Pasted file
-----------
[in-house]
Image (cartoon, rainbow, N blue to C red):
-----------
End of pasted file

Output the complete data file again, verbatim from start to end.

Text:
[in-house]
Image (cartoon, rainbow, N blue to C red):